A Guide on Using Tax Incentives for Optimal Investment Returns

By Selcuk Caner & Sandeep Bhattacharya

This blog was first published in Development Asia.

Countries worldwide provide tax incentives to stimulate domestic and foreign investment. These incentives are designed as special provisions within the tax code, favoring specific types of investments, investors, or products. They are particularly prevalent among developing countries, including those in Asia and the Pacific.

An up-to-date examination of tax incentives is crucial, especially as countries in the region prepare to implement the key features of the global minimum corporate income tax.

Adapted from a governance brief on tax incentives and investments published by the Asian Development Bank (ADB), this article emphasizes the importance for countries to use tax incentives sparingly, integrate them into law, and strengthen their overall investment environment.

Impact and Deployment of Tax Expenditures

Tax incentives can play a crucial role in attracting socially beneficial investments, particularly in countries grappling with weaknesses in their investment environment and limited capacity to address these challenges. However, they come with trade-offs, such as forgone revenues, increased administrative costs and complexity, unwanted distortions in investment behavior, and the potential to foster corruption and rent-seeking. Therefore, it is essential to strike the right balance in utilizing tax incentives to ensure that the benefits outweigh the costs associated with these incentives.

Tax incentives can be integrated into any part of the tax code, including corporate income tax, personal income tax, value-added and excise taxes, customs tariffs, and investment and related laws or decrees. Advanced countries typically deploy these incentives sparingly, often in the form of enhanced cost recovery of investments within the corporate income tax framework. In contrast, developing countries tend to employ tax incentives more extensively, particularly in the corporate income tax, including measures like tax holidays, and across various tax instruments.

There is a growing global consensus regarding a set of good practices concerning the use of tax incentives, drawing on evidence derived from decades of studying the impact of this approach on investment (e.g., International Monetary Fund et al., 2015Organization for Economic Cooperation and Development, 2022Asian Development Bank, 2023; and Stotsky, 2024). These practices emphasize a few key points: a well-structured and well-administered tax system is more important than tax incentives. A tax system should feature broad bases for major taxes and internationally competitive rates, especially for the corporate income tax (Stotsky and Bhattacharya, 2022).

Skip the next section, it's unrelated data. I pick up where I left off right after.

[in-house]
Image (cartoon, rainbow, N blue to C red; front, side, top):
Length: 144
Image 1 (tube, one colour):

Studies reveal that numerous non-tax-related factors influence investment decisions. One critical factor is whether countries maintain stable macroeconomic policies and effectively manage key macroeconomic variables, such as inflation, interest rates, and exchange rates. Sound macroeconomic management significantly contributes to an investment-friendly environment.

There is a growing body of empirical evidence on the impact of tax incentives on investment, including foreign direct investment (International Monetary Fund et al., 2015 and Kusek et al., 2020). Several studies, particularly those focused on Asia and Pacific countries, align with findings from other regions, emphasizing that tax incentives are inefficient and do not compare favorably to the establishment of a properly structured and administered tax system.  Cost-based incentives under the corporate income tax are preferable over income- or profit-based incentives, especially tax holidays, which are still widespread throughout the region. Excessively generous tax holidays and export processing zones can be particularly damaging to countries striving to align growth in tax revenues with economic growth.

Policy Implications